This week, figures released by Family Friendly Working Scotland highlighted the positive impact flexible working has had on businesses across the country. The survey of 257 business leaders found that out of the 200 who offer flexible work options, 87% claim it has been a positive move resulting in increased productivity, better staff retention and increased profits.
This all sounds good.
In the same week, a leaked email from media agency Starcom’s parent agency, Publicis Media UK appeared to backpedal on its approach to flexible working following the discovery that Starcom employees were disappearing on a Friday leaving an empty office floor. Not such a great advertisement for flexible working.
Often attributed to those who have dependents, it’s important to recognise the fact that the debate doesn’t just sit with those who have childcare needs. Across the European Union, intra-EU mobility is increasing. In 2017, 8% of the EU workforce commuted to work in a different region. In Belgium, one in five (21.9%) of people commute to a different region and in France, there were 438,000 cross-border outbound commuters. London recorded the highest share of commuter outflows where almost half (48.6%) commute to work in another region. These figures suggest there’s a lot of time being spent commuting to work, which could arguably be spent more efficiently by opening up flexible working practices.
In addition, the uprising of the gig economy highlights the need for us to think about how we work differently.
In a 2018 survey of 6,500 executives worldwide conducted by BCG in partnership with Harvard Business School’s Managing the Future of Work initiative, 40% of respondents said they expect freelance workers to account for an increased share of their organisation’s workforce between 2019 and 2024.
On whichever side of the debate you sit, the common ground between the two must be that the theory of implementing flexible working is easier than the practice. With the rate of change the workplace is experiencing means for us to find a way forward a middle ground needs to be found before organisations start losing out on talent.
There’s an obvious link between the rise of the digital workplace and rapid evolution of technologies which has enabled this trend to evolve apace. Collaboration platforms means team members can communicate and connect with ease.
So how do we address the need to cater for this change?
As with any change, responsibility for realising this shift comes down to commitment and shift in mindset. As communicators, we too have a role to play in making sure we are facilitating effective flexible working.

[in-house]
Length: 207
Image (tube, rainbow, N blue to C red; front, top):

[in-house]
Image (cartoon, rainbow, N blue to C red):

At a talk I gave to a global organisation recently, I shared my views on where we can step in to make this a reality.
Create a steering group with your key internal stakeholders
Effective flexible working is not a simple output of a HR policy. Leadership, manager’s, HR, IT and communications all have roles to play. IT manages the infrastructure, HR the guidelines,
communications to covey the how and the why and of course people mangers to help enable flexible working. Work together to plan the path forward.
Lead by example
All too often flexible working is restricted to a dated policy which requires paperwork and approvals. Have clarity over what flexible working means for your organisation and develop a set of guidelines from which people understand what they can expect from you, and in return, what you expect from them. Mutual understanding and respect of the business’ requirements will help ensure flexible working realises the benefits to all sides – not the select few.
Ensure tools and resources are available
A tricky one, especially if an organisation is working off legacy systems. This said, as more and more businesses adopt cloud-based systems, this is one which is becoming easy to navigate around. Implementing the right infrastructure; whether it’s a video conferencing system, an enterprise social network or an upgrade to Microsoft Office 365 is crucial. But once in place, the benefits are plentiful.
Managing flexible working effectively
Don’t expect everyone to embrace flexible working from the start. Support managers and those who may not feel comfortable with the shift in guiding them through the how and the why. Therefore, a clear narrative over what flexible working in your business is crucial.
Communicate, communicate, communicate
Effective communication is key. Between colleagues, teams and external stakeholders. Check-in regularly to see what’s working, what needs attention and act on it.
Remember it’s about output not the number of bums on seats
Ultimately, it comes down to trust. As employers, we need to be able to trust that our teams are going to be able to deliver what we need of them. Any issues affecting output can quickly be identified if you have clearly outlined the expectations and taken the time to gather feedback and listen to teams.
Guest Post By Lisa Pantelli
About Lisa Pantelli
Lisa is an award-winning internal communications and employee engagement specialist and she founded Beyond Communications in 2017. Lisa will be speaking at this year’s smilelondon on the 18th November 2019.